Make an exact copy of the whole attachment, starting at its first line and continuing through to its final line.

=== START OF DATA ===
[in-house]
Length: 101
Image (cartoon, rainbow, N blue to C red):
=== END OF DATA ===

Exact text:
[in-house]
Length: 101
Image (cartoon, rainbow, N blue to C red):